What’s In Your Recovery Toolbox?

Letting go of an addiction can actually bring up a huge void – especially for those who have been addicted for many years. After all, drugs or alcohol took up time, energy, money. Without the usual go-to, you’ll need to replace the substances and unhealthy coping strategies of addiction with something healthy.

Saying ‘no’ to your addiction day in and day out means saying ‘yes’ to a world of other things, including new coping mechanisms and things you may have never imagined. As recovery is a new chapter in your life, it’s a great chance to open yourself up to new practices. The following are just a few ideas to get your recovery toolbox started:

To Inspire You:

 

  • A piece of paper with your favorite quote or mantra; Daily affirmation or verse on your phone
    • Words work. A reminder or affirmation doesn’t just halt destructive behaviors, it can raise your spirits, remind you of the truth and pull you up out of destructive thoughts or actions
  • Attend a sober meeting or call a supportive friend
    • Have a short list of people on hand or quick access to finding a local meeting. These are people who understand where you’re at, what you’re going through and can help lift you up and talk you down
  • Allocate money previously used on your addiction for a weekend getaway or a special gift for yourself
    • For some people, money can be a huge motivator. Have a pair of shoes you’ve been eyeing or a short-trip you’ve been wanting to take? Saving the money you once used on your unhealthy fix and working towards a goal can be extremely gratifying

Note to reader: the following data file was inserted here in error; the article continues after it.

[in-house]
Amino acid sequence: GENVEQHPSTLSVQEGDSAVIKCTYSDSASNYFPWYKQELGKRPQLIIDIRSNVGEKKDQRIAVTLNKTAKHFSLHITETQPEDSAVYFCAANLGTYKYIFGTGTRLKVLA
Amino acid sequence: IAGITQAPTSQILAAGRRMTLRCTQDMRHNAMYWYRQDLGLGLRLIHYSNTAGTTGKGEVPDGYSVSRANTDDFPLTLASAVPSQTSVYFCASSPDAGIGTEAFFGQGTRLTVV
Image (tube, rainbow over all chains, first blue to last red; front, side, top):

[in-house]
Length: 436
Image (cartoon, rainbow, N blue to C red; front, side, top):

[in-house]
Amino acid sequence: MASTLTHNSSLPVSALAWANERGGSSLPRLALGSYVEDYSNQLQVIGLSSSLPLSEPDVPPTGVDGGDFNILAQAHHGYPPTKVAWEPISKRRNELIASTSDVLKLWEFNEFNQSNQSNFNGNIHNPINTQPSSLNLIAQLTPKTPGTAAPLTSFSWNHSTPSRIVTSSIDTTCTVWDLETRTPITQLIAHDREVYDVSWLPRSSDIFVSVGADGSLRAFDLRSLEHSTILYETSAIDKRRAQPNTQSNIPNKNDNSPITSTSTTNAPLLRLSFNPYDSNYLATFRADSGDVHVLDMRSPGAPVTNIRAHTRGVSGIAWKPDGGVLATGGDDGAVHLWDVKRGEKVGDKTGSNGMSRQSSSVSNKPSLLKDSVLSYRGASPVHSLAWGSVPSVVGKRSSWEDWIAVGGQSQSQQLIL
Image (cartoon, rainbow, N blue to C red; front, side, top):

To Comfort You:

 

  • Breathing exercises
    • While focusing solely on your the air going in and out of your lungs, long, deep breathing can bring a sense of calm. Using this tool can relieve anxiety and promote balance

 

  • Essential oils
    • Smells ring bells. Scent is one of the most powerful triggers for emotions and memories. A comforting scent such as lavender or eucalyptus can bring you back to a place of peace. Check out this list of 11 scents that can benefit your well-being 

 

 

To Relieve Cravings:

  • Exercise
    • Exercise is one of the most useful healthy coping mechanisms. It doesn’t just improve your physical fitness and help your body recover from damage from drugs and alcohol, but it can also help you to sleep better, reduce stress and symptoms of anxiety and depression.

 

To Ground You:

 

  • Meditation
    • Guided meditation or even just taking a few minutes to find a quiet place can have major physical and mental benefits including reduced stress, increased mindfulness and relaxation
  • Journaling
    • Writing down your thoughts or feelings – whether they be positive or negative – can be a release. Instead of bottling things up, you’ll be able to express yourself on paper and organize your thoughts and emotions
  • Focus on the positive
    • You may have heard the expression, “Stinkin’ thinkin’” – which refers to getting caught up in negative thoughts that can trigger drug or alcohol use or even relapse. Avoiding this spiral of negativity starts with shifting your thought pattern and looking for the positive things. This can go hand-in-hand with practicing gratitude

These are just a few examples of coping mechanisms that can help in your recovery from addiction. Each person will find different things that work for them in their own, unique path. What’s in your recovery toolbox?